There is a mistaken view that compensation and damages payments are generally exempt from Irish taxation, the matter can be complex to determine. While such awards can be tax exempt, this is only the case where same fall within the specific tax exemptions set out in the tax acts.
In order to determine the tax treatment, it is necessary at the outset to determine whether the relevant payment is capital or revenue in nature.
If the character of the payment is such that it compensates for a revenue loss, then the compensation is treated as an income receipt, which may be chargeable to Income Tax (or Corporation Tax in the case of a company).
Alternatively, if the payment compensates for a capital loss (for example loss or damage to a capital asset such as a building), it will be treated as a capital item and may be chargeable to CGT.
Income Tax Exemptions
Section 189 TCA 1997 – Income and gains arising to permanently incapacitated individuals from the investment of compensation payments in respect of personal injury claims. This income or gain must form the sole or main income of the individual.
Section 190 TCA 1997 – Payments made by the trustees of the Haemophilia HIV Trust to a beneficiary under the trust.
Section 191 TCA 1997 – Payments made to individuals who contracted Hepatitis C/HIV from certain blood or blood products.
Section 192A TCA 1997 – Payments made to an employee (or former employee) in connection with breaches or infringements of the employee’s employment rights through, for example, discrimination, harassment, victimisation, or the employer’s non-compliance with statutory requirements. The exemption is restricted to payments:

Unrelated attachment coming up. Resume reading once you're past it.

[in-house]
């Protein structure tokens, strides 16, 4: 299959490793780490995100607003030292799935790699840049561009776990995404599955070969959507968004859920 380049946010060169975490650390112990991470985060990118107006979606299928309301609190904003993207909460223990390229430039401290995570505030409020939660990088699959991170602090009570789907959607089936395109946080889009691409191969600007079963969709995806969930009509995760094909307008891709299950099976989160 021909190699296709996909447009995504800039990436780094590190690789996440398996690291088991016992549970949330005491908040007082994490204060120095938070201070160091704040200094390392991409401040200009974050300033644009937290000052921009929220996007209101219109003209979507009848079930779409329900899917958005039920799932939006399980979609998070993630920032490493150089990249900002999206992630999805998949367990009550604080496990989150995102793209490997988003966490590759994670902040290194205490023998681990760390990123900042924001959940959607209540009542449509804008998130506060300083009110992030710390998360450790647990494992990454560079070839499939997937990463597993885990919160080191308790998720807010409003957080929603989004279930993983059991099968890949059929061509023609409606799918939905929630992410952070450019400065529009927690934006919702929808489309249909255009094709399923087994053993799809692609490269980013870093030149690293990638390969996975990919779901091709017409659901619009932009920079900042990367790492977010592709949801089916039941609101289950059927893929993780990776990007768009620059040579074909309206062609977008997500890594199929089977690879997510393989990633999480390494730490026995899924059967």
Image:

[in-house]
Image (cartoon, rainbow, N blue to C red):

- arising from formal hearings before relevant authorities
- made following mediation processes provided for in law; and
- made in negotiated (out of court) settlements subject to certain conditions.
Section 201/ Schedule 3 TCA 1997 – Certain ex-gratia termination payments made by employers:
- in connection with the death of an employee, or
- on account of injury to or disability of the employee, or
- termination payments made by employers to departing employees.
Redundancy Payments Acts: Statutory redundancy payments made by an employer to an employee where an employment ceases by reason of redundancy.
Capital Gains Tax Exemptions
Section 536 TCA 1997 – Compensation or insurance sums received for damage to or destruction of assets or of sums for surrender of rights in relation to assets, provided the sum received is used in restoring or replacing the asset.
Section 613 TCA 1997 – Compensation or damages for any wrong or injury suffered by an individual in his or her person or profession. This would include compensation/damages received by the victim of a road accident or a libel/slander.
Many compensation payments are outside the scope of VAT. Where an award is compensatory and does not represent consideration for underlying supplies of goods or services. It will be outside the scope of VAT.
However, where compensation can be classified as “a toleration of a situation” within the meaning of Section 25 VATCA 2010, there is a supply for VAT purposes and the compensation is subject to VAT.
To determine the correct tax treatment, each settlement must be analysed on its own facts. First, classify the nature of the compensation payment (revenue or capital) and then apply the general principles established by legislation, case law and Revenue guidance.